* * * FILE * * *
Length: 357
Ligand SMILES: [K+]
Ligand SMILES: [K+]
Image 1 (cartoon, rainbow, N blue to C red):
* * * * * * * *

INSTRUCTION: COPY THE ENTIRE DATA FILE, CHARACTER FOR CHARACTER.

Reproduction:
Length: 357
Ligand SMILES: [K+]
Ligand SMILES: [K+]
Image 1 (cartoon, rainbow, N blue to C red):